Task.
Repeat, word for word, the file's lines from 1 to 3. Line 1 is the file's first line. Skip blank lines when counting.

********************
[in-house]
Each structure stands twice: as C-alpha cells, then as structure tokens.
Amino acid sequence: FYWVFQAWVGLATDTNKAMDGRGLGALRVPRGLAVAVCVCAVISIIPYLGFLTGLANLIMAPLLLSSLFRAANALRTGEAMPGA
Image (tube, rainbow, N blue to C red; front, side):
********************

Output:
[in-house]
Each structure stands twice: as C-alpha cells, then as structure tokens.
Amino acid sequence: FYWVFQAWVGLATDTNKAMDGRGLGALRVPRGLAVAVCVCAVISIIPYLGFLTGLANLIMAPLLLSSLFRAANALRTGEAMPGA